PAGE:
4 inspiring women shaping the future of the STEM workforce
Great piece from Mashable highlighting four women who are making waves in the STEM community.
Within the tech world, it’s a known fact that women are outrageously underrepresented. Silicon Valley is notoriously full of white men, and even many of the giants of the tech corporate world reveal disappointing numbers regarding diversity in annual reports. In 2013, only 26% of computing professionals were female.
But there’s a shift occurring. As pushes for increased diversity — and more women — in STEM fields become stronger, more and more female students are enrolling in engineering programs and graduate studies.
George Washington University’s School of Engineering & Applied Science is one such institution making an impact. Its engineering graduate programs are consistently ranked as including some of the highest percentages of women in the nation. And the school’s efforts extend beyond the student body; in 2013, half of all faculty hires were women.
Below are profiles of several graduate students and faculty members on their efforts, STEM-focused projects and thoughts on the future of women in scientific fields.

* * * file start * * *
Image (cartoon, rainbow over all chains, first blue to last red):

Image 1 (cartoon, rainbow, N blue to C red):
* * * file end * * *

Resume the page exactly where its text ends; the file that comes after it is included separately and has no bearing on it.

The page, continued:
Stop breadboarding and soldering – start making immediately! Adafruit’s Circuit Playground is jam-packed with LEDs, sensors, buttons, alligator clip pads and more. Build projects with Circuit Playground in a few minutes with the drag-and-drop MakeCode programming site, learn computer science using the CS Discoveries class on code.org, jump into CircuitPython to learn Python and hardware together, TinyGO, or even use the Arduino IDE. Circuit Playground Express is the newest and best Circuit Playground board, with support for CircuitPython, MakeCode, and Arduino. It has a powerful processor, 10 NeoPixels, mini speaker, InfraRed receive and transmit, two buttons, a switch, 14 alligator clip pads, and lots of sensors: capacitive touch, IR proximity, temperature, light, motion and sound. A whole wide world of electronics and coding is waiting for you, and it fits in the palm of your hand.